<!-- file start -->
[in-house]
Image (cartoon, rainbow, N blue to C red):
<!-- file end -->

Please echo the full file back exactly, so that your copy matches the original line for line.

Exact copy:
[in-house]
Image (cartoon, rainbow, N blue to C red):